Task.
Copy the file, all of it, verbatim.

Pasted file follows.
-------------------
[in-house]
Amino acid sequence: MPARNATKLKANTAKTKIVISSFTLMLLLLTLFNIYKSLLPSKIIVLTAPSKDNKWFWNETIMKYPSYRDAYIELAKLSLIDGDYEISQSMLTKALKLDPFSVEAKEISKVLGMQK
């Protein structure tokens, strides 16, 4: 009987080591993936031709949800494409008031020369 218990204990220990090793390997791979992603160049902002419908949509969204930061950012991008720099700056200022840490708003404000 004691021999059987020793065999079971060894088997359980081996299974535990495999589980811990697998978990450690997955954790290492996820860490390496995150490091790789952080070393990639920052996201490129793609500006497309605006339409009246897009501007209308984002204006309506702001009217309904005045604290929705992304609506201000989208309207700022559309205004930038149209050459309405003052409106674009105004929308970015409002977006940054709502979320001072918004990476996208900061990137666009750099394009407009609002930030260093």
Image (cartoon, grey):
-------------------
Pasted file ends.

[in-house]
Amino acid sequence: MPARNATKLKANTAKTKIVISSFTLMLLLLTLFNIYKSLLPSKIIVLTAPSKDNKWFWNETIMKYPSYRDAYIELAKLSLIDGDYEISQSMLTKALKLDPFSVEAKEISKVLGMQK
């Protein structure tokens, strides 16, 4: 009987080591993936031709949800494409008031020369 218990204990220990090793390997791979992603160049902002419908949509969204930061950012991008720099700056200022840490708003404000 004691021999059987020793065999079971060894088997359980081996299974535990495999589980811990697998978990450690997955954790290492996820860490390496995150490091790789952080070393990639920052996201490129793609500006497309605006339409009246897009501007209308984002204006309506702001009217309904005045604290929705992304609506201000989208309207700022559309205004930038149209050459309405003052409106674009105004929308970015409002977006940054709502979320001072918004990476996208900061990137666009750099394009407009609002930030260093």
Image (cartoon, grey):